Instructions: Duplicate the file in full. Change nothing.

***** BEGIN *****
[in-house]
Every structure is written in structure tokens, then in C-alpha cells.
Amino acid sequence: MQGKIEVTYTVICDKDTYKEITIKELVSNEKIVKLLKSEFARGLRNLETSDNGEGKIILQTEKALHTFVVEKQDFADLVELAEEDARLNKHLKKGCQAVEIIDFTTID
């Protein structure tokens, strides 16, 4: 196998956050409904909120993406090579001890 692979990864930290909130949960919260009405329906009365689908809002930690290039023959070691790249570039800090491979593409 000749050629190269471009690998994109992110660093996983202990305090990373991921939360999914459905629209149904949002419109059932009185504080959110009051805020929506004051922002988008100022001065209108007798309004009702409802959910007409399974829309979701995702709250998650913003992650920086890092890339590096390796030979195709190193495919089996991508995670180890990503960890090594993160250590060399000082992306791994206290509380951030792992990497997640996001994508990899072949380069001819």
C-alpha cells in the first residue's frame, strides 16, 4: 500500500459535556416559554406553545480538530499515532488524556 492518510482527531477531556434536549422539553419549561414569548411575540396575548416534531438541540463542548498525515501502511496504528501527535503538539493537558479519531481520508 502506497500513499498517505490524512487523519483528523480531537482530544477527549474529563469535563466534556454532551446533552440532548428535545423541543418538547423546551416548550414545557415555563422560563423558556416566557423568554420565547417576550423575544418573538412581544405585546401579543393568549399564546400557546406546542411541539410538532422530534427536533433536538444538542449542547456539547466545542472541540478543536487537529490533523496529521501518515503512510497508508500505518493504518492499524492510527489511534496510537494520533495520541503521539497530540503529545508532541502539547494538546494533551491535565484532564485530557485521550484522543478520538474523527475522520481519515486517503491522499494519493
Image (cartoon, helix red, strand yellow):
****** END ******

[in-house]
Every structure is written in structure tokens, then in C-alpha cells.
Amino acid sequence: MQGKIEVTYTVICDKDTYKEITIKELVSNEKIVKLLKSEFARGLRNLETSDNGEGKIILQTEKALHTFVVEKQDFADLVELAEEDARLNKHLKKGCQAVEIIDFTTID
């Protein structure tokens, strides 16, 4: 196998956050409904909120993406090579001890 692979990864930290909130949960919260009405329906009365689908809002930690290039023959070691790249570039800090491979593409 000749050629190269471009690998994109992110660093996983202990305090990373991921939360999914459905629209149904949002419109059932009185504080959110009051805020929506004051922002988008100022001065209108007798309004009702409802959910007409399974829309979701995702709250998650913003992650920086890092890339590096390796030979195709190193495919089996991508995670180890990503960890090594993160250590060399000082992306791994206290509380951030792992990497997640996001994508990899072949380069001819």
C-alpha cells in the first residue's frame, strides 16, 4: 500500500459535556416559554406553545480538530499515532488524556 492518510482527531477531556434536549422539553419549561414569548411575540396575548416534531438541540463542548498525515501502511496504528501527535503538539493537558479519531481520508 502506497500513499498517505490524512487523519483528523480531537482530544477527549474529563469535563466534556454532551446533552440532548428535545423541543418538547423546551416548550414545557415555563422560563423558556416566557423568554420565547417576550423575544418573538412581544405585546401579543393568549399564546400557546406546542411541539410538532422530534427536533433536538444538542449542547456539547466545542472541540478543536487537529490533523496529521501518515503512510497508508500505518493504518492499524492510527489511534496510537494520533495520541503521539497530540503529545508532541502539547494538546494533551491535565484532564485530557485521550484522543478520538474523527475522520481519515486517503491522499494519493
Image (cartoon, helix red, strand yellow):